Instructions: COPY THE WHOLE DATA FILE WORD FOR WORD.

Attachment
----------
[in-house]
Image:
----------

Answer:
[in-house]
Image: